The Detroit News published an article, Seniors Get a Dose of Daily Care, introducing me to the concept of senior concierge services. The May 26, 2010, article describes a new business set up by Liz Pinto and Frank Gordon in the Detroit area. Their company, Senior Concierge, provides services to relatively healthy elderly adults who want to stay in their homes, but who need additional support and services to remain there. Both Liz and Frank supported their own parents in various ways, and their experiences provide a window on the services that seniors may require. Clients, while relatively independent, often ask for assistance with rides, house repairs, medication organization, small-scale emergencies such as when the circuit breaker flips, and a variety of other tasks. This business should not be confused with the assistance provided by a home health agency.
My mother-in-law could have used a service like this during the months following her stroke, when she was recovering and still fairly independent. As her speech therapy slowed down, what she needed was about two hours of talking practice every other day or so, and we never could find the right person to do this task.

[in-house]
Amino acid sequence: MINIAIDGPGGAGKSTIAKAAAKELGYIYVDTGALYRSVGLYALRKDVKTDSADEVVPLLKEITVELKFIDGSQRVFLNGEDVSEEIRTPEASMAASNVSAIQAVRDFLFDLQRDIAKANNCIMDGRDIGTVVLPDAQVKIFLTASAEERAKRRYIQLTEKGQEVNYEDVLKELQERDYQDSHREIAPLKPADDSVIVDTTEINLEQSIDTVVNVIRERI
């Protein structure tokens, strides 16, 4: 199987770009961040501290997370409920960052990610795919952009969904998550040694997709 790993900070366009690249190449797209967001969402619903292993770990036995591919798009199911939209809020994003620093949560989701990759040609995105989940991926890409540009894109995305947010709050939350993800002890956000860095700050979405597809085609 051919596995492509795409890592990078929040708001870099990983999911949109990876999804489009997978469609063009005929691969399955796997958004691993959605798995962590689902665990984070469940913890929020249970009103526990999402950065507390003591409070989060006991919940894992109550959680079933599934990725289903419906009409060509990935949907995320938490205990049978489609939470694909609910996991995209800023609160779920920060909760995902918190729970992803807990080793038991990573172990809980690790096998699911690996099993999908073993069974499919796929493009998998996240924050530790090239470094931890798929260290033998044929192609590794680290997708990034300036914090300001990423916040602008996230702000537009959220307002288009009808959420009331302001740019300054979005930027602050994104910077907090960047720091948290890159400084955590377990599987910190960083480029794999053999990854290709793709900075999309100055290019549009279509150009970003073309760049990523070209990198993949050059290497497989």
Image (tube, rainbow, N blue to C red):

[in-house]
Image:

The article, by reporter Marney Rich Keenan, points out that “… by design Senior Concierge is a two-person operation.” They are not hiring other people for now, instead keeping the operation small and personalized — something I like.
Has anyone had experience with a company of this type? I’d be interested in billing minimums, as well as expectations for negotiating hours, services, etc.
I searched Google for senior concierge services and senior support services, discovering that this type of business is growing in various sections of the country, not just in the typical retirement areas in the South. Some companies are small and personalized, like the business in Detroit, while others are larger with a range of professionals and other staff.